Adams v. Campbell et al

Filing 75

OPINION,MEMORANDUM AND ORDER- IT IS HEREBY ORDERED that Defendants' Motion for Summary Judgment, [Doc. No. 54 ] is granted. IT IS FURTHER ORDERED that judgment in their favor shall be entered. when all remaining issues herein have been resolved. Signed by District Judge Henry E. Autrey on 01/29/2014. (CLK)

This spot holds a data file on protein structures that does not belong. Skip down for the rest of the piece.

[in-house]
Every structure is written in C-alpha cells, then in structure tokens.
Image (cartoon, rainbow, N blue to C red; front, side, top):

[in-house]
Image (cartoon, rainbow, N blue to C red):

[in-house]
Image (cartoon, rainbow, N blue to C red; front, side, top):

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UNITED STATES DISTRICT COURT EASTERN DISTRICT OF MISSOURI NORTHERN DIVISION JOHN Q. ADAMS, Plaintiff, vs. GARY CAMPBELL, M.D., et al., Defendants. ) ) ) ) ) ) ) ) ) Case No. 2:12CV24 HEA OPINION, MEMORANDUM AND ORDER This matter is before the Court on Defendants Corizon, Inc., Cabrera, Campbell, Bredeman, and Corley’s Motion for Summary Judgment, [Doc. No. 54]. Plaintiff opposes the Motion. For the reasons set forth below, the Motion is granted. Introduction Plaintiff, was an inmate at the Northeast Correctional Center, Bowling, Missouri. Plaintiff filed the instant Section 1983 pro se Complaint against Defendants in which Plaintiff alleges that defendants denied him medical treatment, that this denial was deliberately indifferent, and that defendants’ actions violated this constitutional rights under the Eighth Amendment. Plaintiff contends that he was injured by an attack on him by another inmate. According to plaintiff’s allegations, he suffered a “busted cheekbone” as a result of the attack, which occurred on June 6, 2011. The Complaint further sets forth allegations of events which have occurred regarding plaintiff’s medical condition. Plaintiff has named Corizon, Inc., Cabrera, Campbell, Bredeman, and Corley as defendants responsible for the alleged deprivation of Plaintiff’s constitutional rights. Defendants now move for summary judgment pursuant to Rule 56 of the Federal Rules of Civil Procedure. Facts and Background1 Plaintiff was an offender in the custody of the Missouri Department of Corrections. During the time period relevant to Plaintiff’s Complaint, Plaintiff was confined at Northeast Correctional Center in Bowling Green, Missouri. Defendant Corizon, Inc. has a contractual agreement with the State of Missouri to provide medical services to offenders in the Missouri Department of Corrections. Defendant Dr. Tomas Cabrera is a physician licensed in the State of Missouri who is retained as an independent contractor physician by Corizon to provide medical care to offenders incarcerated at Northeast Correctional Center. Defendant Dr. 1 Plaintiff does not specifically controvert defendant’s Statement of Uncontroverted Material Facts. Pursuant to the Court’s Local Rules, failure to controvert the facts renders them admitted. -2- Gary Campbell is a physician licensed by the State of Missouri who is retained as an independent contractor physician by Corizon to provide medical-related services. Defendant Dr. Thomas Bredeman is a physician licensed by the State of Missouri retained by Corizon, Inc. to provide medical-related services as the Associate Regional Medical Director. Defendant Dr. Elizabeth Conley is a physician licensed by the State of Missouri employed by Corizon, Inc. as the Missouri Regional Medical Director. The issue in this case with regard to Defendants is the care and treatment provided to Plaintiff following injuries he sustained in an altercation with another inmate on or about June 6, 2011. Plaintiff alleges that the “lack of proper medical care, that’s the basis for the lawsuit.” Plaintiff relies upon the medical records in support of his allegation that he was not provided with proper medical care. Plaintiff alleges he suffered a “busted cheekbone” as a result of the incident on June 6, 2011. Plaintiff received medical care following the June 6 injury, including evaluations by Dr. Cabrera and specialist Dr. Wanless. Plaintiff alleges that the injuries to his face required “facial reconstructive surgery and potential nerve graph surgery” and that Corizon, Inc. violated his Eighth Amendment rights by not providing him with same. Plaintiff admits that Dr. Cabrera has never made any statements to him that -3- evinced deliberate indifference to his medical needs. Plaintiff alleges that Dr. Cabrera was deliberately indifferent in that he “didn’t fight hard enough or didn’t explain it good enough to whatever about my face, what’s wrong with it, why it’s still numb all the way through here and all, to get them to take me to a doctor that I needed to be taken to get it fixed.” Plaintiff alleges that Dr. Bredeman was deliberately indifferent in that he “denied me being taken out to see a specialist.” Plaintiff cannot articulate how either Dr. Conley or Dr. Campbell was deliberately indifferent to his medical needs, and admits that he has never met or communicated with either defendant. Plaintiff admits he saw “a lot of doctors that first week or so” following the injury. Plaintiff received medical attention both from Dr. Cabrera at the facility and from an outside specialist in Moberly, Missouri for his complaints about his cheekbone/face. On June 6, 2011 (the date Plaintiff sustained his injuries), Nurse Denise Morris examined Plaintiff and observed the following: “skin tear r[igh]t elbow[,] movement within normal limits, reddened area l[ef]t anterior rib area, denies any problems breathing, abrasion r[igh]t post[erior] shoulder, open skin tear l[ef]t facial cheek area lat[eral] to l[ef]t eye, l[ar]g[e] hematoma l[ef]t eye, denies any visual changes, blood noted from mouth, small open area to r[igt] lower lip, -4- bleeding all areas contained on presentation.” Nurse Morris cleaned Plaintiff’s injuries with saline, bandaged his left elbow, and provided Plaintiff with ice for his eye. Dr. Cabrera was notified and ordered an x-ray of Plaintiff’s face. Nurse Melanie Powell also assessed Plaintiff on June 6, noting Plaintiff had “facial bruising and swelling” and that Plaintiff denied any visual impairment. Nurse Earl Cox examined Plaintiff on June 7, 2011 and noted “each eye is swollen with periorbital bruising” and that Plaintiff “denies change in vision.” An x-ray was taken of Plaintiff’s face on June 7, 2011. The x-ray taken on June 7, 2011 stated “on a single image there is suggestion of right intraorbital fracture” and the “zygoma and lateral maxilla appear intact.” Nurse Christina Craven examined Plaintiff on June 13, 2011, for his complaints that his medical lay-in had not been renewed and that his right upper lip bled when he brushed his teeth. Nurse Craven noted that no signs or symptoms of infection were present with regard to Plaintiff’s lip and provided him with bacitracin ointment for his lip and scheduled antiseptic mouthwash treatments in the medical department, which were performed June 13-17. On June 17, 2011, Dr. Cabrera examined Plaintiff’s face and cheek and referred Plaintiff to an outside specialist, Dr. Wanless, whose offices are in -5- Moberly, Missouri, for further evaluation. The consultation with an outside specialist was approved by Regional Medical Director Bynum on June 21, 2011. On July 11, 2011, Nurse Linda Wiley examined Plaintiff for his complaint that the right side of his face was numb; the nurse observed that Plaintiff’s “facial response is symmetrical” and that Plaintiff would be seen by an outside physician for further evaluation. On July 15, 2011, the outside specialist, Dr. Kirk M. Wanless,2 examined Plaintiff and determined that Plaintiff’s injury “may resolve in six months or less” and was “unlikely to need any surgical intervention.” According to the information made publicly available on the Missouri Board of Healing Arts’ website,, Dr. Wanless is Board-certified in head and neck surgery. Plaintiff admits that he was told by Dr. Wanless not to worry about his cheekbone or any nerve damage and that Dr. Wanless told him the June 6 injury would “heal itself in six to eight months.” Dr. Wanless recommended that Plaintiff’s dental plate be adjusted, which was performed by a dentist on July 19, 2011. Plaintiff was scheduled to be seen by Dr. Cabrera on September 16, 2011, but refused his medical appointment. While Plaintiff continued to see medical practitioners in September, -6- October, November, and December 2011, he did not make any additional complaints concerning his cheek or face during that time period. The next time Plaintiff complained of any issues with his face was on January 31, 2012, when he was seen by Nurse Melanie Powell for his complaint of facial numbness. Nurse Powell examined Plaintiff’s face and observed that Plaintiff had an “equal smile, no drooping noted . . . . face is equal in temp.” On February 6, 2012, Dr. Cabrera examined Plaintiff and ordered another xray of Plaintiff’s face. The x-ray stated “subtle cortical irregularity along the right infraorbital plate” that “may be attributable to old injury.” Dr. Cabrera requested a second referral to Dr. Wanless, which was reviewed by Dr. Bredeman on or about February 21, 2012. Plaintiff has never met, does not know, and has never communicated with Dr. Bredeman, and Dr. Bredeman never personally provided medical care to the Plaintiff. Since there were no changes to Plaintiff’s prior x-ray results and therefore “no new findings for surgical intervention noted,” Dr. Bredeman suggested that Dr. Cabrera consult with Dr. Wanless concerning Plaintiff’s condition; he also noted that Dr. Cabrera could resubmit the referral request if indicated following the consultation with Dr. Wanless. -7- On March 7, 2012, Dr. Cabrera consulted with Dr. Wanless concerning Plaintiff’s cheek; Dr. Wanless’ opinion was that the chances of Plaintiff’s facial numbness improving with surgery were “very minimal.” Plaintiff does not dispute that Dr. Wanless told Dr. Cabrera that surgical intervention was unlikely to improve Plaintiff’s facial numbness, but Plaintiff disagrees with Dr. Wanless’ medical opinion. Dr. Cabrera is the only named defendant who personally provided any medical care to Plaintiff. Plaintiff named Dr. Campbell as a defendant because Dr. Campbell’s name was on a list as being affiliated with “medical over this institution.” Plaintiff admits that he has never met, does not know, and has never communicated with Dr. Campbell. Dr. Campbell and Dr. Conley also never personally provided medical care to Plaintiff, as the Plaintiff has never met either of them. Plaintiff admits that he has never met, does not know, and has never communicated with Dr. Conley, and named her as a defendant because Plaintiff found Dr. Conley’s name on a list of individuals associated with the medical part of the correctional facility. Summary Judgment Standard The standards for summary judgment are well settled. In determining -8- whether summary judgment should issue, the Court must view the facts and inferences from the facts in the light most favorable to the nonmoving party. Matsushita Elec. Indus. Co., Ltd. v. Zenith Radio Corp., 475 U.S. 574, 587 (1986); Woods v. DaimlerChrysler Corp., 409 F.3d 984, 990 (8th Cir. 2005). The moving party has the burden to establish both the absence of a genuine dispute of material fact and that it is entitled to judgment as a matter of law. Fed.R.Civ.P. 56(c); Anderson v. Liberty Lobby, Inc., 477 U.S. 242, 247 (1986); Celotex Corp. v. Catrett, 477 U.S. 317, 322 (1986); Enterprise Bank v. Magna Bank, 92 F.3d 743, 747 (8th Cir. 1996). Once the moving party has met this burden, the nonmoving party may not rest on the allegations in his pleadings but by affidavit or other evidence must set forth specific facts showing that a genuine dispute of material fact exists. Fed.R.Civ.P. 56(e); Anderson 477 U.S. at 256; Krenik v. Le Sueur, 47 F.3d 953, 957 (8th Cir. 1995). “‘Only disputes over facts that might affect the outcome of the suit under the governing law will properly preclude the entry of summary judgment.’ Anderson v. Liberty Lobby, Inc., 477 U.S. 242, 248 (1986).” Hitt v. Harsco Corp., 356 F.3d 920, 923 (8th Cir. 2004). A dispute of fact is genuine when “a reasonable jury could return a verdict for the nonmoving party” on the question. Anderson, 477 U.S. at 248; Woods, 409 F.3d at 990. To survive a motion for summary judgment, the “nonmoving party must ‘substantiate his -9- allegations with sufficient probative evidence [that] would permit a finding in [his] favor based on more than mere speculation, conjecture, or fantasy.’ Wilson v. Int’l Bus. Machs. Corp., 62 F.3d 237, 241 (8th Cir. 1995)(quotation omitted).” Putman v. Unity Health System, 348 F.3d 732, 733-34 (8th Cir. 2003). “[A] complete failure of proof concerning an essential element of the nonmoving party’s case necessarily renders all other facts immaterial.” Celotex, 477 U.S. at 323. The Court will review the facts in this case with the stated standards in mind. Discussion “A prisoner alleging an Eighth Amendment violation must prove both an objective and subjective element. See Wison v. Seiter, 501 U.S. 294, 298 (1991).” Revels v. Vincenz, 382 F.3d 870, 875 (8th Cir. 2004). To prevail on a deliberate indifference claim against defendant, plaintiff must show he suffered from a serious medical need and defendants knew of, yet disregarded, the need. See Hartsfield v. Colburn, 371 F.3d 454, 457 (8th Cir. 2004); Jolly v. Knudsen, 205 F.3d 1094, 1096 (8th Cir. 2000); Roberson v. Bradshaw, 198 F.3d 645, 647 (8th Cir.1999). Defendants contend they are entitled to summary judgment on the claims against them. Plaintiff has failed to create any genuine issues of material fact regarding his - 10 - Eighth Amendment claims against Defendants. While plaintiff’s claims may satisfy the objective aspect of the two prong test showing that he has serious medical needs, see Roberson, 198 F.3d at 648 (need or deprivation alleged must be either obvious to layperson or supported by medical evidence, like physician's diagnosis), Plaintiff cannot prove that Defendants knew of the serious medical needs and deliberately disregarded them. The subjective element of an Eighth Amendment claim requires that an official act with deliberate indifference to inmate health or safety. Farmer v. Brennan, 511 U.S. 825, 835-36 (1994). “Deliberate indifference” entails a level of culpability equal to the criminal law definition of recklessness, that is, a prison official "must both be aware of facts from which the inference could be drawn that a substantial risk of serious harm exists, and he must also draw the inference.” Id., at 837. See also, Bender v. Regier, 385 F.3d 1133, 1137 (8th Cir. 2004). The record before the Court shows that Defendant Cabrera, along with other medical personnel, treated Plaintiff on a number of occasions, and Plaintiff refused to see Dr. Cabrera on one occasion. Plaintiff’s medical records show that medical personnel conducted physical examinations, evaluated Plaintiff’s complaints and concerns and ordered x-rays and tests when warranted. Plaintiff was seen by Dr. Wanless, an outside physician who determined that surgery was not necessary. - 11 - Further, in consultation with Dr. Wanless, Dr. Wanless’ opinion was that surgery would be minimally effective. This course of treatment was consistent with Plaintiff’s medical needs. Plaintiff seeks specific types of treatment and claims that the failure to provide this specific treatment rises to the level of a constitutional violation. Plaintiff ’s disagreement with his treatment is, however, misplaced. See Dulany v. Carnahan, 132 F.3d 1234, 1239 (8th Cir.1997) (prison doctors remain free to exercise their independent medical judgment). In the face of medical records indicating that treatment was provided an inmate cannot create a question of fact by merely stating that [he] did not feel [he] received adequate treatment. Dulany, 132 F.3d at 1234. Plaintiff fails to establish the personal involvement of Defendants Conley and Campbell. Such failure is fatal to Plaintiffs’ claims against them. It is well settled that there is no respondeat superior liability under § 1983. Boyd v. Knox, 47 F.3d 966, 968 (8th Cir.1995). Accordingly, supervisory personnel are not liable under § 1983 absent a showing that “the supervisor [was] personally involved in the violation” or that “the supervisor's corrective inaction constitute[d] deliberate indifference toward the violation.” Id. (citation omitted). In particular, the plaintiff must show that the supervisor knew about the conduct and facilitated it, - 12 - approved it, condoned it, or turned a blind eye to it. Id. (citations omitted); see also Otey v. Marshall, 121 F.3d 1150, 1155 (8th Cir.1997) (“Section 1983 liability cannot attach to a supervisor merely because a subordinate violated someone's constitutional rights.”). Plaintiff admits that Dr. Conley was not personally involved in the alleged violation. Likewise, there is no evidence that Defendant Campbell was personally involved in Plaintiff's treatment. Rather than creating a genuine dispute of material fact, this evidence shows that neither of these defendants was personally involved in Plaintiff's treatment decisions, or took corrective inaction. See Boyd, 47 F.3d at 968. Accordingly, these defendants are entitled to summary judgment on Plaintiff’s Complaint and will be dismissed from this action. See Fed.R.Civ.P. 56(c); Boyd, 47 F.3d at 968. With respect to Dr. Bredeman, Plaintiff admits he never met this Defendant, rather, the claim against Bredeman is that he reviewed a referral request from Dr. Cabrera. Given the second x-ray, Dr. Bredeman noted that there were no new findings, and therefore the request for the outside referral was denied. Bredeman suggested that Cabrera consult with Dr. Wanless regarding Plaintiff’s condition. Bredeman left open the possibility of Cabrera resubmitting his referral based on the consultation. Without more, Plaintiff has failed to establish that Bredeman had - 13 - knowledge of, and was deliberately indifferent to a serious medical need. Bredeman clearly was not deliberately indifferent, rather, he assessed Plaintiff’s condition, medical records and the previous opinions and concluded that the outside referral was not needed at the time. Defendant Corizon, Inc. is also entitled to judgment as a matter of law. Because Plaintiff has presented no evidence of a Corizon, Inc. policy or custom relevant to Plaintiff’s claims, summary judgment is proper . See Sanders v. Sears, Roebuck & Co., 984 F.2d 972, 975-76 (8th Cir.1993) (corporate liability under § 1983). Conclusion Based upon the foregoing, plaintiff has failed to present any genuine disputes as to any material fact to establish that Defendants have violated his constitutional rights in violation of Section 1983. They are, therefore, entitled to judgement as a matter of law. Accordingly, IT IS HEREBY ORDERED that Defendants’ Motion for Summary Judgment, [Doc. No. 54] is granted. IT IS FURTHER ORDERED that judgment in their favor shall be entered - 14 - when all remaining issues herein have been resolved. Dated this 29th day of January, 2014. _______________________________ HENRY EDWARD AUTREY UNITED STATES DISTRICT JUDGE - 15 -